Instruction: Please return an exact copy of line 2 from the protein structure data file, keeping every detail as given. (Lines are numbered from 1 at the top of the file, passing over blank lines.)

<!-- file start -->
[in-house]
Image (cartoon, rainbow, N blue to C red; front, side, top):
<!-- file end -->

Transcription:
Image (cartoon, rainbow, N blue to C red; front, side, top):